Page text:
The recent two day II-SDV meeting in the beautiful town of Nice on the Côte d’Azur, France, started with a day of talks considering the question of how to best maximise the value of data extracted from a wide range of sources: patents, full text articles and even big data.

The programme kicked off with a presentation from Aleksander Kapisoda from Boehringer Ingelheim (BI) describing how innovative use of custom search techniques beyond that currently offered by standard public search machines can bring tangible benefits to a global pharmaceutical company.

Last week’s BioIT World Expo kicked off with a great keynote from Philip Bourne (Associate Director for Data Science, National Institutes of Health) setting the scene on a theme that ran through out the conference – how can we benefit from big data analytics, or data science, for pharma R&D and delivery into healthcare. With 2 days of talks, 12 tracks covering cloud computing, NGS analytics, Pharmaceutical R&D Informatics, Data Visualization & Exploration Tools, and Data Security, plus a full day of workshops beforehand, and a busy exhibition hall, there was plenty to see, do, take in and discuss.  I attended several talks on best practise in data science, by speakers from Merck, Roche, and BMS – and I was pleased to hear speakers mention text analytics, particularly natural language processing, as a key part of the overall data science solution.

Submitting a drug approval package to the FDA, whether for an NDA, BLA or ANDA, is a costly process.

The final amalgamation of different reports and documents into the overview document set can involve a huge amount of manual checking and cross-checking, from the subsidiary documents to the master.

It is crucial to get the review process right.

Any errors, and the FDA can send back the whole package, delaying the application. But the manual checking involved in the review process is tedious, slow, and error-prone.

A delayed application can also be costly.

How much are we talking about?

While not every drug is a blockbuster, these numbers are indicative of what you could be losing: the top 20 drugs in the United States accounted for $319.9 billion in sales in 2011; so a newly launched blockbuster could make around $2Bn in the first year launched – that’s $6M per day.

If errors in the quality review hold up an NDA for even just a week this could generate significant costs.

So – how can text analytics improve this quality assurance process?

Linguamatics has worked with some of our top 20 pharma customers to develop an automated process to improve quality control of regulatory document submission.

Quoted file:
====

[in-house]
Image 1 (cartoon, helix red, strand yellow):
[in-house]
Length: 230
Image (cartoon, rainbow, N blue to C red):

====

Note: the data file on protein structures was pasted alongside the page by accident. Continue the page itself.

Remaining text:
The process cross-checks MedDRA coding, references to tables, decimal place errors, and discrepancies between the summary document and source documents. This requires the use of advanced processing to extract information from tables in PDF documents as well as natural language processing to analyze the free text.

Patent literature is a hugely valuable source of novel information for life science research and business intelligence.

The wealth of knowledge disclosed in patents may not be found in other information sources, such as MEDLINE or full text journal articles.

Patent landscape reports (also known as patent mapping or IP landscaping) provide a snap-shot of the patent situation of a specific technology, and can be used to understand freedom to operate issues, to identify in- and out-licensing opportunities, to examine competitor strengths and weaknesses, or as part of a more comprehensive market analysis.

These are valuable searches, but demand advanced search and data visualization techniques, as any particular landscape reports requires examination of many hundreds or thousands of patent documents.

Innovative use of I2E resulted in a 99% efficiency gain in delivering relevant information

Patent text is unstructured; the information needed is often embedded within the body of the patent and may be scattered throughout the lengthy descriptions; and the language is often complex and designed to obfuscate.

Bristol Myers Squibb Text analytics workflow uncovers kinase assay trends

A recent paper by a team at Bristol Myers Squibb describes a novel workflow to discover trends in kinase assay technology.

Big data? Real world data? What do we really mean?

I was at a conference a couple of weeks ago, an interesting two days spent discussing what is big data in the life science domain, and what value can we expect to gain from better access and use.

The key note speaker kicked off the first day with a great quote from Atul Butte: “Hiding within those mounds of data is knowledge that could change the life of a patient or change the world”.

This is a really great ambition for data analytics.  But one interesting topic was, what do we mean by big data? One common definition from some of the Pharma folk was, that it was any sort of data that originated outside their organization that related to patient information.

To me, this definition seems to refer more to real world data – adverse event reports, electronic health records, voice of the customer (VoC) feeds, social media data, claims data, patient group blogs. Again, any data that hasn’t been influenced by the drug provider, and can give an external view – either from the patient, payer, or healthcare provider.

Many of these real world sources have free text fields, and this is where text analytics, and natural language processing (NLP), can fit in. We have customers who are using text analytics to get actionable insight from real world data – and finding valuable intelligence that can inform commercial business strategies.

Valuable information could be found in electronic health records, but these are notoriously hard to access for Pharma, with regulations and restrictions around data use, data privacy etc.

So, what real world data are accessible?